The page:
Academic partnering opportunity with the NIH
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In the second event of our Virtual Series, we hosted an ‘academic partnering opportunity’ event with the National Institutes of Health and National Cancer Institute to find out more about their microbiome research programmes, expertise, and collaboration opportunities.
If you would like to speak with our guests from the NIH/NCI please fill in the introduction request form, or contact Joe at IN-PART (email@example.com) who will connect you.
What’s covered in this event?
- 00:00 – Introduction to the event from IN-PART
- 03:57 – Introduction to the NIH
- 08:37 – Dr Tim F. Greten: Targetting the gut microbiome to treat liver cancer
- 16:51 – Dr Rashmi Sinha: Moving microbiome research into population studies
- 27:53 – Additional Opportunities at the NIH
- 28:46 – Partnering with the NIH
- 32:20 – Live Q&A
- 38:52 – Closing remarks
Format: Presentation followed by live Q&A (~45 minutes)
Speakers from the NIH:
Dr Tim Greten, Co-director, Liver Cancer Program at the Center for Cancer Research, National Cancer Institute
Dr. Greten is a physician-scientist who uses his medical expertise in Gastroenterology, Hepatology and Medical Oncology along with his research expertise in tumor immunology to develop novel treatments for patients with cancer. He heads a research team to study the tumor microenvironment in the liver in the context of Hepatocellular Carcinoma, Cholangiocarcinoma, and liver metastasis and studies how exogenous factors such as diet and the gut microbiome may affect immune responses in the liver.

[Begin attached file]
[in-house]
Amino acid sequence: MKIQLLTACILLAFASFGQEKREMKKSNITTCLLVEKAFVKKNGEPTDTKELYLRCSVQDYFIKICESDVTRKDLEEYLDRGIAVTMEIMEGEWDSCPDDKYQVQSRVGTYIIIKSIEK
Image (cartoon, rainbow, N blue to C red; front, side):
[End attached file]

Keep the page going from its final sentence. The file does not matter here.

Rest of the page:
Dr. Rashmi Sinha, Senior Investigator, Metabolic Epidemiology Branch, Division of Cancer Epidemiology and Genetics, National Cancer Institute
Dr. Sinha received a B.S. with honors and M.SC. in biochemistry from the University of Stirling in Scotland, and a Ph.D. in nutritional sciences from the University of Maryland. She began work at the NCI in the Laboratory of Cellular Carcinogenesis and Tumor Promotion in 1987. Dr. Sinha was promoted to senior investigator in 2001 and co-principal investigator of the NIH-AARP Diet and Health Study. She served for many years as Deputy Chief of the Nutritional Epidemiology Branch.
Dr. Emily Krach, Invention Development and Marketing Fellow, NCI Technology Transfer Center
Dr. Emily Krach is a post-doctoral fellow in the National Cancer Institute (NCI) Technology Transfer Center. As part of the Technology Analysis and Marketing Unit, she facilitates the commercial development of NCI innovations by initiating collaborations with and licensing to industry partners. Emily received her PhD in Genetics from the University of Georgia in 2021.
Dr. Michael Salgaller, SSupervisory Technology Analysis and Marketing Specialist, NCI Technology Transfer Center
Dr. Michael Salgaller leads the Technology Analysis and Marketing Unit (TAMU) within the National Cancer Institute’s (NCI’s) Technology Transfer Center, where he leverages over 20 years of business, scientific, and investment experience in various life science sectors to support technology development and commercialization. The TAMU serves in a business development role to foster licensing and collaborative activity between buy-side stakeholders and the NCI (as well as NIH in general). Dr. Salgaller received his PhD in Pathology from The Ohio State University.